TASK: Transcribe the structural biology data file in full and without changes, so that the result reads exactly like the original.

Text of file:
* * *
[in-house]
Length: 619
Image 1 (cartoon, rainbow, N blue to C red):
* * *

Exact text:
[in-house]
Length: 619
Image 1 (cartoon, rainbow, N blue to C red):